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Thomas William Gardner

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Thomas William Gardner (1841-1869)

1872 Obituary [1]

MR. THOMAS WILLIAM GARDNER, the only son of Mr. T. W. Gardner, of Wormley, Herts, was born in London on the 30th March, 1841.

He was educated first at the school, and afterwards in the Department of the Applied Sciences, of King’s College, London.

The year of his leaving he gained a mathematical scholarship, and was second in the competition for another scholarship. By the late Mr. Brunel he was introduced to Mr. Bazalgette, M. Inst. C.E., to whom he was articled in 1859, and whose first pupil he became. During his pupilage he was constantly employed on the design and execution of the works for the Main Drainage of London, and his increasing skill and energy were noticed by all connected with those parts of the undertaking with which he had to do. The northern outfall, contracted for by Messrs. Furness and Co., was especially his care.

Hydraulic engineering now became his chief study, and several months were spent in Paris, in order to become thoroughly acquainted with the French system of drainage.

In 1864 he was appointed engineer and assistant manager on Mr. Furness’ contract for the construction of roads and sewers in Odessa; and in the complicated law proceedings against the Russian Government concerning the English work, Mr. Gardner’s powers and intelligence were thoroughly proved.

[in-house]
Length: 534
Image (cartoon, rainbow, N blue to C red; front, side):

In 1868, on returning to England, he was for a time in charge of the contract for a portion of the Thames Embankment. Again going out to Odessa, he was intrusted with the entire management of the works there, and amid much difficulty carried them on with vigour.

In December, 1866, he was elected an Associate of the Institution of Civil Engineers, and took a warm interest in the proceedings.

He was also a Fellow of the Geological Society.

In March, 1869, during the general stagnation of the profession in England, he went to Calcutta, taking the appointment of Assistant-Engineer to the municipality. The works there were extensive. Mr. Gardner’s duties included the entire charge of a contract for main drainage works, involving an expenditure of £60,000, and also in co-operating with the chief engineer, Mr. W. Clark, M. Inst. C.E., in the pumping station and outfall works, and those connected with the reclamation and irrigation of the Salt Water Lake.

He also designed extensive works for Government House, the public offices, and the bazaars, hospitals, &C., of the city. His health, however, obliged him to leave India, and he returned with a weakened constitution to live but one more year in England.

At the time of his death he was filling the post of surveyor to the parish of Hampstead, and only awaiting the revival of engineering activity to show his thorough knowledge and ability in the branch of the profession to which he was so heartily devoted.

He sunk under an attack of suppressed smallpox in his thirtieth year, respected for his integrity as well as power, and sincerely regretted by a numerous circle of friends.

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